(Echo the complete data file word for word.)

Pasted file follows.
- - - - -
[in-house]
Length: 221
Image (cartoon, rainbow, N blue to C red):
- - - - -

[in-house]
Length: 221
Image (cartoon, rainbow, N blue to C red):